When artists paint artists – palazzo Belgioioso
by Massimo Pulini
Palazzo Belgioioso in Milan, in the Risorgimento years, used to host a group of artists that, according to their own statute, were going to add to the walls the portrait of each new group participant . Artists painting other artists’ portraits, artists as noble mirrors to sitting friends. Look, thinking expression, hair cut, moustache and beard care, stiff collar and eyes vivacity make these faces a distillate of each character and on the whole a sharp and exact repertory of the moral and political sense of some Italian generations.
This set of bright and quiet faces, portrayed in a weekly dimension of an evening spent discussing, a glass of water aside and a sigar waiting on an ashtray, means at my eyes much more than the packed paintings of historical theme, explaining events of national Risorgimento or the social rhetoric of the times.
With an astonishing expressive synthesis, catched in the sobriety of a black pencil as the only investigation tool, of a white chalk for the maximum light points, with just a sheet of pastel coloured paper and a careful and cautious glance, the elegant discipline of these Lombard portraits comes about. An elegance that from the intellectual aristocracy comes towards the characteristic features of the incoming middle-class world, as if with no solution of continuity. All this takes in its whole something like a film.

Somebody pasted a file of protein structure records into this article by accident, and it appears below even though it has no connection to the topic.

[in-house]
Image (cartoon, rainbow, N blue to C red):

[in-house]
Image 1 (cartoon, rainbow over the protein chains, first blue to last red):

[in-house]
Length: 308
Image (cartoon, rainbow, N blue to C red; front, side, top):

A sort of documentary is going to take shape, in a sequence of faces and thoughts, attitudes and nature of a series of painters and sculptors that marked taste and customs of a cultural and political capital town between the end of the XIX century and the beginning of the XX century.